“A billion,” as in dollars, is a phrase being spoken and heard more frequently than ever in Hollywood this year, with the domestic and global box office exploding and 2015 on pace to be the biggest in history.
Walt Disney Studios crossed the $1 billion mark in domestic grosses in 174 days on Thursday, the fastest it has ever done so, powered by the Marvel superhero sequel “Avengers: Age of Ultron,” the live-action fairy tale “Cinderella” and Pixar Animation’s “Inside Out.”
Warner Bros., paced by “Mad Max: Fury Road” and “San Andreas,” should top the milestone this weekend, which will be a speed record, too. And it won’t be long until 20th Century Fox will soon do the same, behind “Kingsman: The Secret Service,” DreamWorks Animation’s “Home” and Spy.”
Red-hot Universal Studios sped past $1 billion and shattered the domestic box office mark in record time three weeks ago, on the same weekend that “Jurassic World” broke the record for the biggest U.S. box office opening ever.
Earlier this week, the dinosaur sequel passed the $1 billion mark at the global box office in just 13 days, breaking the record set by the Universal’s “Furious 7,” which had crossed the milestone in 17 days back in April.
“Avengers: Age of Ultron” hit $1 billion at the worldwide box office in May for Disney. Universal’s “Minions” and Paramount’s “Mission: Impossible 5 – Rogue Nation” could do the same in July, as could Sony’s next James Bond film “Spectre” and Lionsgate’s “Hunger Games: Mockingjay – Part 2″in November. Disney’s “Star Wars: The Force Awakens” arrives on Dec. 18 and is likely to hit $2 billion, many analysts believe.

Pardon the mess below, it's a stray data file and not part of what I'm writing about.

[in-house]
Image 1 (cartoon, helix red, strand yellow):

You probably see a trend here. The overall domestic box office, which last weekend was up over the comparable frame last year by roughly 70 percent, is hitting on all cylinders. Both the summer and the year are on a record pace, and if most of the year’s remaining big-ticket releases deliver as expected, the North American box office will top $11 billion for the first time ever.
“The big-budget movie business is going great guns, and if you like reboots, superheroes and sequels, this is your golden age,” said Jeff Bock, senior analyst at Exhibitor Relations.
It’s not that billions are a new concept for the film biz. The domestic box office has topped $10 billion annually since 2009. And with China growing by leaps and bounds, the global box office topped $36 billion last year. It’s more that after a down 2014, the box office is booming and building billions so fast that the big numbers might begin to blur.
“It would seem that reports of the death of the American movie industry are exaggerated,” Bock said.